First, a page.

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Abstract Analysis of thermal images taken with a Forward-Looking Infrared camera has allowed us to establish a baseline data set for three open vent volcanoes.

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Presentation on theme: "Abstract Analysis of thermal images taken with a Forward-Looking Infrared camera has allowed us to establish a baseline data set for three open vent volcanoes."— Presentation transcript:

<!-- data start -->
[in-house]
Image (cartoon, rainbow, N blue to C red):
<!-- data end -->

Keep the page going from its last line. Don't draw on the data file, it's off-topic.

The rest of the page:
1 Abstract Analysis of thermal images taken with a Forward-Looking Infrared camera has allowed us to establish a baseline data set for three open vent volcanoes in Guatemala that vary in composition from dacite (Santiaguito) to basalt (Fuego and Pacaya). This allows for the evaluation of total thermal energy output and eruption rates using remote sensing and provides satellite thermal remote sensing validations. The field data were collected during two field trips in The Santiaguito data have been atmospherically corrected and analyzed to allow estimates of the emitted thermal energy and also the equivalent eruption rate (Rose, et al 2008). Using similar techniques, data from Pacaya and Fuego were analyzed to obtain estimated emission of thermal energy along with observations of vent morphology. The long term goal is to employ a variety of thermal remote sensing tools, including data comparison from ASTER and MODIS sources, in order to closely monitor eruption rates at open vent volcanoes, such as Santiaguito, Fuego and Pacaya. Ultimately, eruption rate estimates at these volcanoes may lead to improved hazard forecasts. Santiaguito is a lava dome that has been continuously active since A new orthophoto geological map of Santiaguito (Escobar et al., 2008) reveals the pattern of continued exogenous growth of the Caliente Vent region in the last decade, consisting mainly of thick flows to the S. Extrusion has been focused on the cylindrical 80 m diameter vent region which displays a thermal circular ring pattern of high temperatures on most observed occasions. This ring marks the alignment of ash vents which drive periodic (about every 0.2 to 2 hour) vertical thermal explosions. Extruded lava moves upward and down the side of the dome, usually to the south. In recent years systematic thermal observations from helicopter and ground sites have supplemented satellite data and DEMs to provide data to estimate extrusion rates. Conclusions Remote sensing techniques, both ground-based and satellite-based, provide valuable information related to the detection and monitoring of small thermal anomalies associated with open vent volcanoes which have eruption rates of less than about 0.2 m 3 /sec. The effects of the rainy season in tropical regions like Guatemala hinder data gathering and reduce the quality of data that is gathered during these periods. The integration of MODIS, LANDSAT and ASTER data sources into the calculation of total heat flux and effusion rates will help verify data obtained from ground-based approaches. Estimating Thermal Energy Emission and Eruption Rates at Guatemalan Volcanoes Using Thermal Data From a FLIR Camera, ASTER, and MODIS Data Sources Luke Bowman, Lara Kapelanczyk, Anna Colvin, Otoniel Matías, W.I. Rose, Miriam Rios-Sánchez, Rüdiger Escobar-Wolf Michigan Technological University, 1400 Townsend Drive, Houghton, MI References: Ball M and H Pinkerton, 2006, Factors affecting the accuracy of thermal imaging cameras in volcanology, J Geophys Res 111, B 11203, doi: /2005JB Bluth G J S and W I Rose, 2004, Observations of eruptive activity at Santiaguito volcano, Guatemala, J Volcanol Geoth Res 136: Durst, KS, W I Rose, R Escobar-Wolf, A Maclean and MR Sanchez, 2008, Erupted magma volume estimates at Santiaguito and Pacaya Volcanoes, Guatemala, using digital elevation models, Bulletin of Volcanology, in review. Escobar Wolf, R P, O Matías Gomez and W I Rose, 2008, Geologic map of Santiaguito, Guatemala, unpublished map presented at IAVCEI, Reyjavik, August Gonnermann HM and M Manga, 2003, Explosive volcanism may not be an inevitable consequence of magma fragmentation, Nature 426: Harris, A.J.L., Flynn, L.P., Matías, O. and Rose, W. I., 2002, The thermal stealth flows of Santiaguito: implications for the cooling and emplacement of dacitic block lava flows, Geol. Soc. Am. Bull., 114: Harris, A.J.L., W I Rose and Flynn, L.P., 2003, Temporal trends in Lava Dome extrusion at Santiaguito, , Bulletin of Volcanology 65: Harris, Andrew J. L., Luke P. Flynn, Otoniel Matías, William I. Rose and Julio Cornejo, 2004, The evolution of an active silicic lava flow field: an ETM+ perspective, J Volcanol Geoth Res 135: Johnson, J B, A J L Harris, S T M Sahetepy-Engel, R Wolf and W I Rose, 2004, Explosion dynamics of pyroclastic eruptions at Santiaguito Volcano, Geophys Res Lett 31: L Lyons, JJ, Waite, GP, Rose, WI, Chigna, G (in review) Patterns in Open vent, Strombolian Behavior at Fuego Volcano, Guatemala Rodríguez, L.A., Watson, I.M., Rose, W.I., Branan, Y.K., Bluth, G.J.S., Chigna, G., Matías, O., Escobar, D., Carn, S.A. and Fischer, T., 2004, SO 2 emissions to the atmosphere from active volcanoes in Guatemala and El Salvador, , Journal of Volcanology and Geothermal Research, 138 (3-4), pp Sahetepy-Engel S T M and A J L Harris, 2008, Thermal structure and heat loss at the summit crater of an active lava dome, Bulletin of Volcanology DOI /s Sahetepy-Engel S T M, L P Flynn, A J L Harris, G J Bluth, W I Rose and O Matías, 2004, Surface temperature and spectral measurements at Santiaguito Lava Dome, Guatemala, Geophysical Res Lett 31: L19610 Acknowledgments: This research is supported by the US National Science Foundation through OISE and PIRE Thermal imaging equipment purchased with NSF EAR The US Peace Corps supports collaborative field work at Guatemalan volcanoes. Our Guatemalan partner organizations INSIVUMEH and CONRED work with us and provide logistical support. Steve Sahetapy-Engel provided data and advice. Rob Wright provided MODVOLC data and advice. Nick Varley provided FLIR data. 150 °C 0 °C Hot Central Core Cool Inner Annulus Hot Outer Annulus Discontinuity 150 °C 0 °C Hot Central Core Cool Inner Annulus Hot Outer AnnulusDiscontinuity V11C-2066 Sahetepy-Engle, 2004 Rose et al, 2008 Santiaguito Dome Complex: Ground-based Analysis MODVOLC provides near-real-time thermal alerts of volcanic activity. In this image, thermal anomalies from Fuego, Pacaya and Santiaguito volcanoes can be seen. At Santiaguito, MODIS often detects one hot pixel during the dry season, but not in the rainy season. Most hot pixels reflect a lava flow that occupies only 1 / 3 to ½ of the pixel area, and there is no correlation between lava area and radiance. Rainy Season MODIS analysis at Santiaguito Pacaya: FLIR Analysis Jan 7,2008 Fuego Volcano: FLIR Analysis January The number of MODIS thermal alerts at Santiaguito is less during the Guatemalan rainy season typically lasting from May to October. This is likely due to cloudy conditions which block detection. The decrease in anomalies detected during , suggests that overall activity at Caliente dome may be decreasing, and dry season anomalies less prominent. View from Fuego ObservatoryView of crater during over flight 150°C 0°C Helicopter image of crater and lava flow Varley, 2007 We used FLIR data on the Santiaguito flow to mimic the crack and crust temperature analysis technique used by Harris et al Overall the complete range of pixel temperatures barely show peaks. Perhaps the small peak at ~235 C ⁰ possibly shows crack temperature. Only eight pixels out of 148,454 total pixels fall into this temperature bin. Total heat flux for this image is ~ 42 MJ/s Estimated lava effusion rate is ~ 0.14 m 3 /s Comparing these values to other data sets indicates decreasing activity at the Caliente dome at Santiaguito. Frontal view of active vent Looking down at top of active vent January 16, 2005 January 12, 2008 July 2, 2008 A fixed wing flight allowed us to acquire FLIR images of Fuego’s summit crater on Jan 15, An elongated dike feature was observed. Total heat flux for the summit crater image is ~ 2.3 MJ/s. Fuego’s activity is sporadic and average extrusion rate has been estimated by Lyons et al., in review at 0.18 m 3 /sec for the period of By adding total thermal heat loss from the frontal view of the active vent with the total heat loss calculated from the top of the vent, we were able to estimate total thermal heat loss from Pacaya ( ~ 28.1 MJ/s ). Pacaya’s extrusion rate between 1961 and 2001 was estimated at 0.17 m 3 /s by Durst et al. in press The geometry of our field survey at Pacaya requires combining two partial views of the active flow field and this likely underestimates the full heat flow. Heat Flux ~ 20.8 MJ/s Heat Flux ~ 7.2 MJ/s Flow front rockfalls conduit E W S N Jan 11, 2008 January 13, 2008 January 15, 2008 January 10, 2005 In early 2008, activity at Pacaya was predominantly situated at the base of north flank. We were unable to obtain thermal images of the active summit crater at Pacaya, therefore our estimated heat flux contains a gap which does account for heat loss at the summit. Santiaguito Extrusion Rates For each year ( ) an ASTER image was selected in order to delineate the area of lava flow(s) contributing to the thermal anomaly based on the SWIR and TIR bands. Extrusion rates were calculated following methods described in Harris et al, 2003.